Kimaiyo exit adds new twist to airports boss’s job drama

Sunday June 26 2016

Kenya Airports Authority chairman David Kimaiyo.

Mr David Kimaiyo. President Uhuru Kenyatta has revoked his appointment as KAA chair and appointed retired Chief of Defence Forces Julius Karangi to replace him. FILE PHOTO | HABIL EVANS | NATION MEDIA GROUP 

By GERALD ANDAE
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Intrigues at the Kenya Airports Authority (KAA) continued to play out with the revocation of chairman David Kimaiyo’s appointment just a few days to the scheduled interview for the parastatal’s managing director position.

Mr Kimaiyo was replaced by former head of Kenya Defence Forces Julius Karangi, whose “wealth of experience in security matters will bring a sense of confidence in the safety of Kenya’s airports,” according to acting managing director Yatich Kangugo.

“Mr Karangi’s attributes on security management will play an important role in securing our airports, which is a key requirement in our quest to achieve direct flights to the US,” said Mr Kangungo.

Mr Kimaiyo went home with a parting shot — the authority stinks to the skies in terms of corruption, which he says has delayed the appointment of the chief executive.

Previously, he attributed the delays to a quorum hitch.

“It is an open secret that the process of appointing a new head of the airport has been marred by a lot of interference from senior government officials and directors of the board,” he said.

“There has been intense lobbying by people who want to ensure that they put in place their right-hand man in order to cut lucrative deals at the airport,” said the former police boss.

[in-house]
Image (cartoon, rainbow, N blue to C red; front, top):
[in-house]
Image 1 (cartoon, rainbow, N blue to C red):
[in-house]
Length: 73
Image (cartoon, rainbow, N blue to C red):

President Uhuru Kenyatta, through a gazette notice on Friday, revoked Mr Kimaiyo’s appointment ahead of the Tuesday interviews.

This came just a week after the reversal of the terms of three directors before the end of their tenures.

Speaking to Sunday Nation, Mr Kimaiyo, whose term of office was to end in six months, said it was the prerogative of the appointing authority to determine when to revoke an appointment.

“I did not appoint myself to the office. I was appointed, and it is incumbent upon the appointing authority to tell when to revoke my appointment,” he said.

Though Mr Kimaiyo did not directly link his dismissal to his stand on the process of appointing a new managing director, he said anyone who goes against the wishes of the bosses cannot survive in that environment.

“I could not compromise my integrity to do what is not right. It is very hard for a person with my stand to survive in that environment,” said Mr Kimaiyo.

In the earlier bungled process, the KAA had on November 20 last year advertised the chief executive’s position, receiving more than 120 applications.

The ministry, however, cancelled the recruitment process amid intrigues by parties with interests in the position.

About 13 other senior managers are currently acting. The Transport ministry, in an earlier interview, said the recruitment of these officials would be done once the position of MD had been filled.

Last week, Transport Cabinet Secretary James Macharia revoked the appointment of three board members of KAA.

Through a gazette notice, Mr Macharia sent home Ms Jacqueline Oyuyo, Mr Isaac Newton Onyango and Mr Kevin Kihara.  

In their place, the CS appointed Mr Mbatia Kimani, Mr William ole Mayiani and Jeridah Bosibori Mbaka as new directors.

Mystery also surrounds the launching of the new arrival terminals that has been cancelled three times.

The commissioning that was to be done by President Kenyatta was first cancelled in April. Two other cancellations were made last week.

The new terminals — 1A and 1E — separate the arriving and departing passengers, which is a key security requirement under international aviation standards.

This is one of the conditions issued by the US Federal Aviation Administration (FAA) before JKIA is elevated to a category 1 status that would allow for direct flights between Kenya and the US.

JKIA, the busiest and fastest growing logistical hub in eastern and central Africa, currently handles an average of 6.5 million passengers yearly.

Pundits say that delay in appointing a substantive head is hurting key policy decisions.